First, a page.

Getting a brand's soundtrack tone and balance right doesn't have to be overly complicated or expensive, but it does need to be done by professionals who understand the brand and have a wealth of music knowledge. Whether your customer has the budget to be able to invest in in-store radio (live or pre-recorded), or has more modest means, there is a music supply service out there to meet a wide range of budgets and requirements.

Oh yes, my song! In case you're still wondering, from that online test it was that 2006 classic by the Scissor Sisters. I think that's just ridiculous... I always 'feel like dancin'!


Hotels: Taking an app


Words by Francis Pearce

Hub by Premier Inn at 110 St Martin's Lane, London is the first of Whitbread's new brand of city-centre budget hotels intended to pack 'everything you need and nothing that you don't' into a tight space. Although the rooms are only 11.4 sq m in area they include an en-suite bathroom with power-shower; Wi-Fi; a 40in smart-screen television; a desk that folds into the bed; and luggage space beneath the bed, plus an app that enables customers to book, check-in and preset or control their heating, lighting and TV. Whitbread reckons that a stay in one of its hubs will be 30 per cent cheaper than in typical Premier Inn rooms, and yet the rooms are stylish and far from pokey.

'We were given the brief to create an iconic room to house double occupancy in the "hotel of the future", knowing that space in London and other cities is at a premium,' says JSJ Design partner Simeon Thompson. Although the rooms have a template design created to get the maximum from the smallest space, they are neither capsules nor cabins. 'As a designer JSJ is obviously aware of other brands and their execution, but that helped the client understand what was possible and what could be done with perhaps a bit more comfort,' says Thompson.

The room concept was 'prototyped five or six times over the space of two to three years,' Thompson adds. 'Whitbread quantitatively and qualitatively researched and evaluated it throughout, so it wasn't a case of "here's an idea. Now let's run with it". The only thing that remained the same was the room size. It was all about what was doable. We tried to keep things as open as possible, utilising every space, but bringing in hard surfaces such as acrylic to create a sculpted space,' he explains.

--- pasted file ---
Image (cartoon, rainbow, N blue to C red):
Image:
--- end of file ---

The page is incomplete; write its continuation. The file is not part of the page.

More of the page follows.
'We chose glass bathroom walls, for example, and that came through the design process. Whitbread is one of the leading hotel providers so the cleaning regime is timed and costed, and we had to think about how long the room takes to clean and multiply that across the estate. So, there are special antibacterial chemicals on the sliding doors, which also allow water to slide down without smearing, the same with the bathroom walls too.'

Materials and other aspects of the design, such as the colour temperature of the all-LED lighting -- a warm 2700K -- carry through the whole building, including its corridors and F&B area. The high-tech nature of the experience is reinforced at the reception, which has a digital, interactive screen wall and check-in terminals that read QR codes. Any starkness is tempered with an eclectic mix of bespoke furniture and artwork in the deli and bar.

'As soon as you step out of your taxi or the Tube there are signifiers that you are reaching a Hub. The grey backcoated glass, the flashes of lime, the reclaimed nature of the furniture and the architectural detailing in the F&B space -- they are all signifiers,' says Thompson.

The £30m office conversion, by Axiom Architects and principal contractor McAleer & Rushe, has resulted in the first hotel in the UK to achieve a BREAMM outstanding environmental construction rating. The conversion involved using a high level of recycled materials and building in features such as a 'brown roof' where wild flowers grow.